Pilot program targets farm workers drawing unemployment


WorkSource Area Director Larry Sanchez explains for growers a farmworker pilot program set to begin in about a month.

PROSSER - A new age is dawning in the seasonal employer/employee relationship between growers and their farm workers.

A pilot program by WorkSource will be up and running in the next month, enabling farmers to first recall back to the fields those who are drawing unemployment compensation benefits from them.

"The goal isn't to lower your unemployment insurance rates," WorkSource Area Director Larry Sanchez told a small gathering of farmers on Friday morning. "The goal is get those people back working."

Speaking during a grower's breakfast at the Inn at Horse Heaven in Prosser, Sanchez said the pilot program represents a fundamental shift in the approach to unemployment benefits.

"The days of working in the fields six months, then drawing unemployment for the rest of the year are over," he said. Noting unemployment benefits are not intended as a lifestyle, Sanchez said the program is more of a "band aid" to get workers back on their feet after being laid off.

"Those who are charging you the most (filing claims which result in higher unemployment insurance rates) can be the first you call back to work," Sanchez said.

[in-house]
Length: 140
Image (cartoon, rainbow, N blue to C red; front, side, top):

When drawing unemployment benefits, a person must show they are trying to look for other work.

Sanchez said if a former worker drawing unemployment is contacted by a farmer to come back to work and declines, then the person will be asked to visit the WorkSource office to find out why.

The result, he added, could be a loss of benefits.

Jill Hargraves of Obert Cold Storage in Zillah told Sanchez her firm attempts to hire some workers, only to find out their Social Security numbers are not valid. Those workers in turn, she said, file for and receive unemployment benefits.

"Report that," he replied. "They have to have a legal Social Security number in order to draw unemployment."

Sanchez reminded growers that while WorkSource can help in referring workers to the fields, it cannot prove worker documentation. "When we ask them if they are documented and they say yes we take that at face value," he explained. "If we start documenting farm workers, then we have to do the same for workers in all fields."

Mark Rodriguez, WorkSource Operations Manager in Sunnyside, said his agency lacks both the manpower and expertise to examine documents. Further, he added, if a mistake was made WorkSource could face liability issues.

"Some say there is a farm worker shortage and some say there are plenty of farm workers," said Sanchez. "The truth is, there aren't enough documented workers and an abundance of undocumented workers."

Sanchez also encouraged growers to be more specific when they request workers.

It is no longer enough to just say apple pickers are needed, he noted as an example. Sanchez said there are new varieties of apples and the type of experience needed to pick Red or Golden Delicious apples is different than for some of the special varieties.

"The more information you provide, the more it helps in our screening," he said.

To facilitate grower/farm worker matches, Sanchez said WorkSource outstations will open beginning April 10. These can help connect workers to farm employment closer to where they live to save on fuel expenses.

The Grandview station, located at 103 Elm, can be contacted at 882-3200. WorkSource will also operate a Granger outstation, located at 121 Sunnyside Avenue. That office can be reached at 840-3671.


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